Wanamassa Birds

I frequently stroll the streets of Wanamassa, NJ, with camera at the ready to take pictures of birds.

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Location: Ocean, New Jersey, United States

Sunday, January 13, 2013

What a Day This Was

It was overcast. I toyed with taking the 300 mm lens rather than the 500 mm, but in the end stayed with the longer lens. On setting out, I had visions of Canada Geese and Cackling Geese and gulls galore at the "island" at the east end of Interlaken. I parked the car and there were some geese on the south side of Grassmere near the railroad tracks, but before I could take a picture of any of them, let alone work out which might be which, they panicked and started running away from me towards the water. I couldn't believe that I'd brought on this behavior and then I saw the cause of the trouble: a couple of women were coming along the sidewalk taking a little three-legged dog for a walk. We had a little chuckle and I gave up on the geese.

But, the island was bare. Not a bird in sight.

Out on the water there was a large number of distant black dots about halfway to the Route 71 bridge. I watched them for a while and realized that they were heading in a vaguely southwesterly direction which would take them near the bank on the Asbury Park side of the lake. I set off across the bridge and my attention was caught by a bird which at first I thought was a cormorant. From a distance, it had the same general look and it was diving under the water for extended periods. Indeed, it was shocking just how far it traveled each time it dived. And, it was getting closer to the bridge. But it stayed above the water for such a short time each time that I didn't succeed in getting a shot, and the bird completely disappeared. I even check the other side of the bridge, but it wasn't over there.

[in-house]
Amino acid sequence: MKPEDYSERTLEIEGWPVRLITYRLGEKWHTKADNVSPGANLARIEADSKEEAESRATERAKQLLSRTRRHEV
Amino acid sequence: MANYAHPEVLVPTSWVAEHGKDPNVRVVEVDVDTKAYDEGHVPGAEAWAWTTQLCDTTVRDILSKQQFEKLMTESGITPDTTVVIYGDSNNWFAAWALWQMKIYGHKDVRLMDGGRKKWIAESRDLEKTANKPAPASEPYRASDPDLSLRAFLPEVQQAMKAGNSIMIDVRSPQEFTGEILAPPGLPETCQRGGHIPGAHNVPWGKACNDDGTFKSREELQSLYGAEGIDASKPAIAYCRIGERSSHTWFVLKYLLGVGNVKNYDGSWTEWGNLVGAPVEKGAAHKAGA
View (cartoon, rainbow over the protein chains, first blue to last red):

I completed crossing the bridge and walked a short way along the bank when I again saw the bird almost under the bridge. This time, I was able to get some shots including the first one below. Then I noticed that all the other birds were no longer headed in my direction. If anything they looked as though they were closer to the "island." So I set off back across the bridge, and that's when I got the second shot, taken from a steeper angle looking down from the bridge. Pam helped me research the identity of the bird when I got the pictures home. We determined that this was a non-breeding adult Red Throated Loon.